Phototoxic Dermatitis from Wearing Bikinis
What is Phototoxic dermatitis?
Phototoxic dermatitis, and Phototoxic textile dermatitis with subsequent hyperpigmentation developed in two patients after they wore bikini bathing suits. After extraction of the dye from the bathing suits, 15 fractions could be visualized by two-dimensional thin-layer chromatography.
Two of these fractions are found in Disperse Blue 35, an anthraquinone dye known to give rise to occupational phototoxic dermatitis, but which, to our knowledge, has never been reported to cause dermatitis in consumers. One of the two fractions was also found to cause phototoxic reactions in normal subjects.
Can I Come into Contact with Phototoxic dermatitis?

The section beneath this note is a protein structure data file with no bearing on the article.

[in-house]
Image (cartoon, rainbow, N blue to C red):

Non-immunological, photochemically evoked inflammatory skin reaction in an irradiated region which resembles sunburn and may present with erythema, oedema and bulla formation. Photosensitising substances increase the reactivity of the skin to UV radiation. They lead to acute sunburn-like skin reactions at radiation doses which, with normal sensitivity of the skin, would be tolerated without reaction. Photosensitising substances can arise endogenously (e.g. porphyrins) or can be supplied exogenously via the skin (e.g. tar, eosin), gastrointestinal tract or parenterally (e.g. drugs). Drugs causing phototoxic eruptions include tetracyclines, phenothiazines, griseofulvin and dacarbazine.
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